August 1, 2013
This Machine circles the drum. Find inside the story of murder in the land of the red man, plus an essay on the Indian in popular culture, a tour of a city with a bad case of caught-between, a portrait of a centenarian bride, and a quick guide to powwow season. On stands today.
CHECKMATE: The story of the King of the Osage Hills, who played the prairie people like pawns. By Jason Christian.
INDIAN ENOUGH: The lies that tell the truth about Native identity, in real life and on the silver screen. By Thomas King.
THE STAR HOUSE: A roadmap to Lawton, a place suspended in the void between worlds, both of time and space, since before Quanah Parker and Geronimo. By Sarah Szabo.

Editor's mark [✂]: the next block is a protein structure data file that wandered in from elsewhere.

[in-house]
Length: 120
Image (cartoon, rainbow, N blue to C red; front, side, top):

ORIGINAL OKIE: A wedding portrait of Opal Clark Moss, 101, Sand Springs. “At my age,” she says, “they’re all younger men.
BLOOD FOR BLACK GOLD: A poster-worthy cover by 1491s and Buffalo Nickel co-founder Ryan Redcorn.
A DRUM SINGS THE SONG: Your guide to Oklahoma’s early-August powwows, plus where to find a free chuckwagon feed.
ORIGINAL OKIE: Opal Clark Moss, 101, grew up at the Sand Springs Children’s Home and published her first book at age 76. Last year, the longtime widow fell in love again and married 89-year-old Paul Bruce Moss of Tulsa.